A lot of actors, of late, have claimed that the online space is much more liberating, and gives an equal chance to makers and artistes. And indeed, with everything served on the same platter, it is an equaliser. However, Kunal Kemmu wants to add a ‘so far’ to the fact that OTTs are more democratic than films.
“It’s too early to just pass a judgement on the fact that everything is great. It’s definitely more democratic and in a way, content driven space. The business model is not box office, but subscription driven,” he reasons.
The actor adds that the platforms keep a close tab on the viewing habits of the audience, but don’t reveal it.
“They don’t just keep a track of who started watching something, but who finished it too. They are able to track what was the attention to every single episode, though these numbers are not shared. People making them have that. The most important, democratic way of functioning on OTT is you have an equal window when you open an app, be it a big star’s show or film right next to a smaller star’s show. People can decide on the basis of what they want to watch after 10-15 minutes,” explains Kemmu who film Lootcase was released directly on an OTT platform due to shutdown of theatres.
The fact that people have the power to skip and leave a show/ film midway is of course liberating for viewers, but doesn’t it also mean that since the attention span is so small, the plethora of options at hand will lead to each project not getting it’s due?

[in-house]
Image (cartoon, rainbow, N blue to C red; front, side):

Kemmu says that’s the ‘nature of the beast’. “We earlier said ‘we can’t make three hour films’ and brought it down to two, songs running into seven-eight minutes now last for two minutes. As we are evolving, our TV screens have come down to 5.5 inches, a lot of content is consumed on phone,” says the actor, who garnered a lot of praise for his web series Abhay, whose season 2 released this year.
He says that to any purist of cinema, that is ‘unacceptable’. “I used to think ‘how will you watch a film, when the whole experience of watching one is about going to a theatre, and watching it with surround sound and on a 70mm screen?’ All that is changing. At the end of the day, everything is being done to deliver to audiences, supply and demand works this way. There will always be a market for each and everything, genres,” concludes the actor.
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